Rating: (4 out of 5)
Who are the Sawkill Girls?
Marion: the new girl. Awkward and plain, steady and dependable. Weighed down by tragedy and hungry for love she’s sure she’ll never find.
Zoey: the pariah. Luckless and lonely, hurting but hiding it. Aching with grief and dreaming of vanished girls. Maybe she’s broken—or maybe everyone else is.
Val: the queen bee. Gorgeous and privileged, ruthless and regal. Words like silk and eyes like knives, a heart made of secrets and a mouth full of lies.
Their stories come together on the island of Sawkill Rock, where gleaming horses graze in rolling pastures and cold waves crash against black cliffs. Where kids whisper the legend of an insidious monster at parties and around campfires.
Where girls have been disappearing for decades, stolen away by a ravenous evil no one has dared to fight… until now.
I’m not usually a horror reader because I don’t enjoy gore, violence, or even just being scared. I mainly picked up Sawkill Girls because of the promise of queer girl representation to read as part of my F/F February Reading Challenge, which I’m also using as motivation to read outside my usual confines. The promise of queer girls was more than fulfilled, and I ended up enjoying this for what it was as well, so this was a definite success.
However, this book does contain some pretty dark and heavy stuff. I’m putting all of the trigger warnings I can think of after this paragraph in transparent text. If you want or need more detail, feel free to hit me up on Twitter. SPOILERS TW parental death, sibling death, suicidality (parent and other), abduction and brutal murder of teenage girls, gore, sexual abuse (implied), emotional and physical abuse (parental and other) END SPOILERS
Sawkill Girls treads the line between horror and magical realism, and especially at the beginning, it is sometimes hard to tell what is real and what isn’t. Marion’s visions and dreams are confusing and unsettling, but they are consolidated into a terrifying reality. I do think that the mystery would have been more compelling if it had been more contained, both in terms of POV and location. I feel that including Val’s POV took away some of the mystery, and the reveal of a world-spanning battle against evil, complete with a secret organisation, was a bit much.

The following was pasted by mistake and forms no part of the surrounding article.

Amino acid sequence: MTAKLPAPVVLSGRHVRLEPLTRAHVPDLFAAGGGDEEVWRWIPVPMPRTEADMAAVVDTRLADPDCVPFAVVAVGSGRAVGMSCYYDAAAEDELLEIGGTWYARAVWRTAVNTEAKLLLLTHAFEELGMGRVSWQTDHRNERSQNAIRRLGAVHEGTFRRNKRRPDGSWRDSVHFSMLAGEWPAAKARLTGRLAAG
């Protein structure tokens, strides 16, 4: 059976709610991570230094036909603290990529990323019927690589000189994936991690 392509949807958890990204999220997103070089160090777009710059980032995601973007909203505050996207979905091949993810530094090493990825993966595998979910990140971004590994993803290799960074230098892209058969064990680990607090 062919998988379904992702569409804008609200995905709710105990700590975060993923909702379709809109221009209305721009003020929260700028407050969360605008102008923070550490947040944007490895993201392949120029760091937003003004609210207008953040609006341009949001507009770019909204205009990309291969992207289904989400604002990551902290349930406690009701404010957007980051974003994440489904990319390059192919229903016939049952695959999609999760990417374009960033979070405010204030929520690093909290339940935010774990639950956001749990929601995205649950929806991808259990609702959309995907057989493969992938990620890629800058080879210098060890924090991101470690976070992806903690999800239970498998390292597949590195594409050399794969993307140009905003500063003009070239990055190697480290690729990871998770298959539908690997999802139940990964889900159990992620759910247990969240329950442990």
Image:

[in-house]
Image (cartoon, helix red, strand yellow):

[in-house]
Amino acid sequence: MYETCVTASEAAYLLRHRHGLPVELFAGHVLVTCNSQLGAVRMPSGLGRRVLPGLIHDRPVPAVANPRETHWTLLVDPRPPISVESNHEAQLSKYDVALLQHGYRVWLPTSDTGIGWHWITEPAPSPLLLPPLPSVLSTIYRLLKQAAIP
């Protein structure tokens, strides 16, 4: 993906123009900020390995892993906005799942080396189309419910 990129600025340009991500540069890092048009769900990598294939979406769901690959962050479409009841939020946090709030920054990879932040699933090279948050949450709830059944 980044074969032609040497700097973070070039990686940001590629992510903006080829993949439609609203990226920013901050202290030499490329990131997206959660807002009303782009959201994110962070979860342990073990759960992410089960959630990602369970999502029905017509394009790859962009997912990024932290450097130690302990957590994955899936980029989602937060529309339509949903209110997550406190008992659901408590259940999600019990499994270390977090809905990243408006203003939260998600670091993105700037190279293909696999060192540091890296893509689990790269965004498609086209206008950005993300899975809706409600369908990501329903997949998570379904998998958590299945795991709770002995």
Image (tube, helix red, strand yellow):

I did love the girls and their relationships though. I found it really refreshing that Zoey immediately believed Marion when she shared her experiences with her, and that the girls didn’t invalidate each other even when confronted with the unbelievable.
All three girls were wonderful, strong and interesting in their own ways. The book accompanies all three of them on a journey of finding their strength and standing up for themselves, while navigating friendship and love. The romance between Marion and Val was really sweet. Their attraction to girls is quite clear in the text, and there’s a lovely sex scene between the two of them. They are both explicitly WLW, although neither of their sexualities is spelled out. I believe that Marion, at least, is bisexual, and the author actually mentions the word, and not in a derogatory manner! I wish that wasn’t still so exceptional, but since it is, I felt it important to mention.
And speaking of spelling out queer orientations: Zoey is explicitly asexual, and it’s great. There is some acephobia in the book, and even though it is thoroughly called out, I couldn’t help but feel a bit upset by it. I’m ready for more asexual acceptance rep! We can be just as happy with and proud of our orientations as everybody else is, and I’d like to see more of that. I would also have loved to see some more ethnic diversity because even though Zoey is black, she and her father are the only people of colour in Sawkill Girls as far as I am aware.
Nevertheless, this was really enjoyable and I was surprised by how much I didn’t want to put it down! It was also upsetting for my sensitive little self, so please heed the content warnings! Overall, this was an amazing story about female friendship, wlw romance, and finding and combining strengths.
Hope, she thought, breathing with the tide, was a choice that only those with resolute hearts dared to make.